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Uterine cancer statistics
New cases of uterine cancer, 2016-2018, UK
Deaths from uterine cancer, 2017-2019, UK
Survive uterine cancer for 10 or more years, 2013-17, England
Uterine cancer cases are preventable, UK, 2015
- There are around 9,700 new uterine cancer cases in the UK every year, that's 27 every day (2016-2018).
- In females in the UK, uterine cancer is the 4th most common cancer, with around 9,700 new cases every year (2016-2018).
- Uterine cancer accounts for 5% of all new cancer cases in females in the UK (2016-2018).
- Uterine cancer accounts for 3% of all new cancer cases in females and males combined in the UK (2016-2018).
- Incidence rates for uterine cancer in the UK are highest in females aged 75 to 79 (2016-2018).
- Each year more than a quarter (27%) of all new uterine cancer cases in the UK are diagnosed in females aged 75 and over (2016-2018).
- Since the early 1990s, uterine cancer incidence rates have increased by around three-fifths (59%) in females in the UK (2016-2018).
- Over the last decade, uterine cancer incidence rates have increased by more than a tenth (12%) in females in the UK (2016-2018).
- See our new Early Diagnosis Data Hub for statistics on stage at diagnosis for uterine cancer.
- The most common specific location for uterine cancers in the UK is the endometrium (2016-2018).
- Uterine cancer incidence rates are projected to fall by 2% in the UK between 2023-2025 and 2038-2040.
- There could be around 11,800 new cases of uterine cancer every year in the UK by 2038-2040, projections suggest.
- Uterine cancer incidence rates in England in females are 17% higher in the most deprived quintile compared with the least (2013-2017).
- Around 640 cases of uterine cancer each year in England are linked with deprivation.
- Incidence rates for uterine cancer are higher in the Black ethnic group, lower in people of mixed or multiple ethnicities, and similar in the Asian ethnic group, compared with the White ethnic group, in females in England (2013-2017). See our publication Cancer Incidence by Broad Ethnic Group for more details.
- An estimated 70,200 women who had previously been diagnosed with uterine cancer were alive in the UK at the end of 2010.
- There are around 2,500 uterine cancer deaths in the UK every year, that's nearly 7 every day (2017-2019).
- Uterine cancer is the the 8th most common cause of cancer death in females in the UK, accounting for 3% of all cancer deaths in females in the UK (2017-2019).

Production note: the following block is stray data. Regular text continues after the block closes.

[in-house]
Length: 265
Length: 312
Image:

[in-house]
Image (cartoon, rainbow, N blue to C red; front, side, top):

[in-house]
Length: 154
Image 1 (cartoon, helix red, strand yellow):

- Uterine cancer accounts for 1% of all cancer deaths in females and males combined in the UK (2017-2019).
- Mortality rates for uterine cancer in the UK are highest in females aged 85 to 89 (2017-2019).
- Each year more than half of all uterine cancer deaths (52%) in the UK are in females aged 75 and over (2017-2019).
- Since the early 1970s, uterine cancer mortality rates have remained stable in females in the UK (2017-2019).
- Over the last decade, uterine cancer mortality rates have increased by around a quarter (24%) in females in the UK (2017-2019).
- Mortality rates for cervical and uterine cancers combined are generally similar or higher in females of non-White minority ethnicity, compared with the White ethnic group, in England and Wales (2017-2019). See the publication Mortality from leading causes of death by ethnic group, England and Wales.
- Uterine cancer mortality rates are projected to rise by 12% in the UK between 2023-2025 and 2038-2040.
- There could be around around 4,200 deaths of uterine cancer every year in the UK by 2038-2040, projections suggest.
- Uterine cancer deaths in England are more common in females living in the most deprived areas.
- More than 7 in 10 (71.6%) women diagnosed with uterine cancer in England survive their disease for ten years or more, it is predicted (2013-2017).
- Almost 9 in 10 (84.5%) women in England diagnosed with uterine cancer between ages 15-44 survive their disease for ten years or more, compared with almost 6 in 10 (57.6%) women diagnosed aged 75-99 (2013-2017).
- Uterine cancer survival has increased in the last 50 years in the UK.
- In the 1970s, almost 6 in 10 (55.3%) women diagnosed with uterine cancer survived their disease beyond ten years, by the 2010s it was almost 8 in 10 (77.5%).
- Around 8 in 10 (78.0%) women in England diagnosed with uterine cancer in the least deprived group survive their disease for five years or more, compared with more than 7 in 10 (72.0%) women in the most deprived group (2016-2020).
- Five-year relative survival for uterine cancer in women is similar to the European average in England, Wales, Scotland and Northern Ireland. Further details on cancer survival in Europe can be found on the EUROCARE website.
- For uterine cancer, like other cancer sites, survival trends reflect a combination of changes in treatment and stage distribution. These factors themselves can vary by age, sex and deprivation.
- Further survival statistics by stage can be found on the Early Diagnosis Data Hub and information on treatments for cancer can be found here.
- A person’s risk of developing cancer depends on many factors, including age, genetics, and exposure to risk factors (including some potentially avoidable lifestyle factors).
- 1 in 36 UK females will be diagnosed with uterine cancer in their lifetime.
- 34% of uterine cancer cases in the UK are preventable.
See the interactive cancer treatment online tool produced by the National Cancer Registration and Analysis Service (NCRAS) in partnership with Cancer Research UK (CRUK). This presents, for the first time, population-based statistics on chemotherapy, radiotherapy and surgical tumour resections in England, by demographic factors and geography.
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